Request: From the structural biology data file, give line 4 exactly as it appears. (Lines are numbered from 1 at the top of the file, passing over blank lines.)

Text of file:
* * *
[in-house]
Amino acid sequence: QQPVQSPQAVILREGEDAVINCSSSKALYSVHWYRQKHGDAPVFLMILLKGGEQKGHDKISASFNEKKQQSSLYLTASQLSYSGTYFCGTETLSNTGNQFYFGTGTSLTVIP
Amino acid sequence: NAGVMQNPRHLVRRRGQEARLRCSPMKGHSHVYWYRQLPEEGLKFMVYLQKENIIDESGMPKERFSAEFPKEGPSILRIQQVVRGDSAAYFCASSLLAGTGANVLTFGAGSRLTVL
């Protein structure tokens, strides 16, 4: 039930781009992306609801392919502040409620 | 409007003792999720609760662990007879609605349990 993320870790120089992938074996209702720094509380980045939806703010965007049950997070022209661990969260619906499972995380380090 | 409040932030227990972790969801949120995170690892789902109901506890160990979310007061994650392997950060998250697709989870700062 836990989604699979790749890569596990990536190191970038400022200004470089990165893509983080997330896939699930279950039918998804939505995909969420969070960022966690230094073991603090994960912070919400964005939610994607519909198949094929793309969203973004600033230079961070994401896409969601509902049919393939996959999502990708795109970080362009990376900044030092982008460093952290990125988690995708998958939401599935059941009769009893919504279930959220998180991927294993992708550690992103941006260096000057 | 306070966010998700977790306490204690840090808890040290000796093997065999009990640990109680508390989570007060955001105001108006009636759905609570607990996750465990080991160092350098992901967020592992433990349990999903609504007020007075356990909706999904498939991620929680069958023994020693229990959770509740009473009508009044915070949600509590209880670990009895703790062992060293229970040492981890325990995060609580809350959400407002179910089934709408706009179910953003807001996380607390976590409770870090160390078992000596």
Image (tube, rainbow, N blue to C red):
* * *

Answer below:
């Protein structure tokens, strides 16, 4: 039930781009992306609801392919502040409620 | 409007003792999720609760662990007879609605349990 993320870790120089992938074996209702720094509380980045939806703010965007049950997070022209661990969260619906499972995380380090 | 409040932030227990972790969801949120995170690892789902109901506890160990979310007061994650392997950060998250697709989870700062 836990989604699979790749890569596990990536190191970038400022200004470089990165893509983080997330896939699930279950039918998804939505995909969420969070960022966690230094073991603090994960912070919400964005939610994607519909198949094929793309969203973004600033230079961070994401896409969601509902049919393939996959999502990708795109970080362009990376900044030092982008460093952290990125988690995708998958939401599935059941009769009893919504279930959220998180991927294993992708550690992103941006260096000057 | 306070966010998700977790306490204690840090808890040290000796093997065999009990640990109680508390989570007060955001105001108006009636759905609570607990996750465990080991160092350098992901967020592992433990349990999903609504007020007075356990909706999904498939991620929680069958023994020693229990959770509740009473009508009044915070949600509590209880670990009895703790062992060293229970040492981890325990995060609580809350959400407002179910089934709408706009179910953003807001996380607390976590409770870090160390078992000596």